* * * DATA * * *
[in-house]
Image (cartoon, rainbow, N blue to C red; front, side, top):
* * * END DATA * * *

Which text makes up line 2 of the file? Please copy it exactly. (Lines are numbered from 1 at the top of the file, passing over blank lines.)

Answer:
Image (cartoon, rainbow, N blue to C red; front, side, top):